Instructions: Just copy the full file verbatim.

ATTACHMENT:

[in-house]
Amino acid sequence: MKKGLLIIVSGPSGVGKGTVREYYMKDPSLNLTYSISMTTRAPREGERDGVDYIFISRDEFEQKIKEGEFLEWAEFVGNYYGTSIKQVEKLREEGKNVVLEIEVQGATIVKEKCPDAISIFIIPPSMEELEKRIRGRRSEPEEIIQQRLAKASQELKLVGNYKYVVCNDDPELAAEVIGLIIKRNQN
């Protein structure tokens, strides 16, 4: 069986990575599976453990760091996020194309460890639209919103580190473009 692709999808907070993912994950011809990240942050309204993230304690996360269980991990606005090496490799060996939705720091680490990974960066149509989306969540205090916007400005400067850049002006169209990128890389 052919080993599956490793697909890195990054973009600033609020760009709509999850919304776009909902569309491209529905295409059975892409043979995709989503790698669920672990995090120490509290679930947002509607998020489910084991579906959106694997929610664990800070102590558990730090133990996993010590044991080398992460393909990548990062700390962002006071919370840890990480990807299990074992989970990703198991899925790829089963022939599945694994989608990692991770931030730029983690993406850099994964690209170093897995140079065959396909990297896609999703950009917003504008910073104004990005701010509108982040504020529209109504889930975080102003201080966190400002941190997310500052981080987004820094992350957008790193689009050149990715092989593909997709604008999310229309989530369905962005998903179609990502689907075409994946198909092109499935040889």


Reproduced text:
[in-house]
Amino acid sequence: MKKGLLIIVSGPSGVGKGTVREYYMKDPSLNLTYSISMTTRAPREGERDGVDYIFISRDEFEQKIKEGEFLEWAEFVGNYYGTSIKQVEKLREEGKNVVLEIEVQGATIVKEKCPDAISIFIIPPSMEELEKRIRGRRSEPEEIIQQRLAKASQELKLVGNYKYVVCNDDPELAAEVIGLIIKRNQN
């Protein structure tokens, strides 16, 4: 069986990575599976453990760091996020194309460890639209919103580190473009 692709999808907070993912994950011809990240942050309204993230304690996360269980991990606005090496490799060996939705720091680490990974960066149509989306969540205090916007400005400067850049002006169209990128890389 052919080993599956490793697909890195990054973009600033609020760009709509999850919304776009909902569309491209529905295409059975892409043979995709989503790698669920672990995090120490509290679930947002509607998020489910084991579906959106694997929610664990800070102590558990730090133990996993010590044991080398992460393909990548990062700390962002006071919370840890990480990807299990074992989970990703198991899925790829089963022939599945694994989608990692991770931030730029983690993406850099994964690209170093897995140079065959396909990297896609999703950009917003504008910073104004990005701010509108982040504020529209109504889930975080102003201080966190400002941190997310500052981080987004820094992350957008790193689009050149990715092989593909997709604008999310229309989530369905962005998903179609990502689907075409994946198909092109499935040889």